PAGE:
Clinical studies on prostacyclin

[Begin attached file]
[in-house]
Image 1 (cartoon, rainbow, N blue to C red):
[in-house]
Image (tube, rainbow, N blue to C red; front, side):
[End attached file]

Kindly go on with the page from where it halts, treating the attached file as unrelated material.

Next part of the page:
Plasma levels of 6-oxo-prostaglandin F1a (6-oxo-PGFla), thestable hydrolysis product of prostacyclin (PGI2) were measured by gas chromatography-mass spectrometry. In 62 normal subjects a mean ± SD plasma level of 115.5 ± 27.2 pg/ml was obtained. Plasma levels declined significantly with age. Soluble aspirin (1200 mg) a known inhibitor of cyclo-oxygenase, reduced plasma levels of 6-oxo-PGFla and forearm ischaemia, a known stimulus to PGI2 production, increased plasma levels of 6-oxo-PGF1 . Plasma levels of 6-oxo-PGF1awere significantly reduced in men witA proliferative diabetic retinopathy compared with age-matched normal controls while male diabetics with background or no retinopathy formed an intermediate group. Plasma levels of 6-oxo-PGF1a were barely detectable in three patients with thrombotic thrombocytopenic purpura and in one patient with severehaemolytic uraemic syndrome. A within-patient randomized double-blind crossover study was performed to evaluate the effects of bendrofluazide 10 mg daily or placebo in patients with mild essential hypertension. Significant reductions in lying, standing and post-exercise blood pressure were seen after both three day's and ten week's treatment. Plasma levels of 6-oxo-PGF1a were significantly increased by both three day's and ten week's therapy with bendrofluazide, possibly reflecting increased PGI2 biosynthesis. No correlation was observed between the increase in 6-oxo-PGFls and the reduction in blood pressure, urinary electrolyte excretion, plasma renin activity or in the pressor response to infused noradrenaline. In preliminary studies neither propranolol nor captopril showed significant effects on plasma levels of 6-oxo-PGF1Q but in normal volunteers a three day dietary sodium supplement of 200 mmol sodium daily produced a small but significant reduction in plasma levels of 6-oxo-PGF1a. In normal subjects, intravenous infusion of PG12 produced facial flushing, tachycardia and a small fall in diastolic blood pressure, together with inhibition of ADP-induced platelet aggregation. Neither posture nor exercise exaggerated the cardiovascular responses to PGI2, indicating a predominantly arteriolar dilating effect. Infusion of PGI2 into the brachial artery increased forearm blood flow while PGI2 also exhibited local venodilator effects when infused into the dorsal hand vein in normal subjects. In a small number of patients with severe hypertension, PGI2 infusion resulted in a profound hypotensive effect.